I Am Thankful For My Work

I Am Thankful For My Work

Thanksgiving Series: Part Two
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November is the season of thanksgiving and while I am so tempted to decorate the house with red and green and buy every peppermint mocha, I will attempt to keep my heart thankful. One of the ways I am doing so is with this Thanksgiving series. If you have not read the first article it is right here. And now, you can read this one!

I am thankful for my work. Yes, the shifts may be small and the jobs may not be what I want to do for the rest of my life, but this doesn’t diminish their value. They add experience to my life that I had never expected to exist.

I am thankful for the kids I get to teach. That I have something to teach them at all! I hope that even one ounce of the joy I find in music is shared with them. Those kiddos have so much energy that I could gain and perspectives unique to them.

On top of this, I am grateful for all of the experience I have received from being the administrator for business’ social media accounts. Some may see it as a silly job, but I love it. I get to become excited for events and good news that are not just within my own personal life.

These jobs are not incredibly glamorous or even aspired to, but I appreciate them so much. I appreciate that I can find joy and room to grow. I am thankful that they provide me with paychecks that end up as groceries, meals I share with roommates and friends. I am thankful that I was able, by God’s grace, to make connections with the right people to secure these jobs.

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What are you thankful for? Let me know in the comments below. Also, make sure to check out my upcoming articles in this thanksgiving mini-series!

Cover Image Credit: rawpixel.com

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PSA: Keep Your Body-Negative Opinions Away From Little Girls This Summer

But our own baggage shouldn't be shoved on to those we surround ourselves with.

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It's officially swimsuit season, y'all.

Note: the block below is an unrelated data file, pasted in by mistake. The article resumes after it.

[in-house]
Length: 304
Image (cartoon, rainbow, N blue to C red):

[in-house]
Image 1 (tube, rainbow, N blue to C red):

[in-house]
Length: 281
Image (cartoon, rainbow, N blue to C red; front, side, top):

The temperature is rising, the sun is bright and shining, and a trip to the beach couldn't look more appealing than it does right now. This is the time of year that many of us have been rather impatiently waiting for. It's also the time of year that a lot of us feel our most self-conscious.

I could take the time to remind you that every body is a bikini body. I could type out how everyone is stunning in their own unique way and that no one should feel the need to conform to a certain standard of beauty to feel beautiful, male or female. I could sit here and tell you that the measurement of your waistline is not a reflection of your worth. I completely believe every single one of these things.

Hell, I've shared these exact thoughts more times than I can count. This time around, however, I'm not going to say all these things. Instead, I'm begging you to push your insecurities to the side and fake some confidence in yourself when you're in front of others.

Why?

Because our negative self-image is toxic and contagious and we're spreading this negative thinking on to others.

We're all guilty of this, we're with family or a friend and we make a nasty comment about some aspect of our appearance, not even giving a single thought to the impact our words have on the person with us. You might think that it shouldn't bother them- after all, we're not saying anything bad about them! We're just expressing our feelings about something we dislike about ourselves. While I agree that having conversations about our insecurities and feelings are important for our mental and emotional health, there is a proper and improper way of doing it. An open conversation can leave room for growth, acceptance, understanding, and healing. Making a rude or disheartening remark about yourself is destructive not only to yourself, but it will make the person you are saying these things around question their own self worth or body image by comparing themselves to you.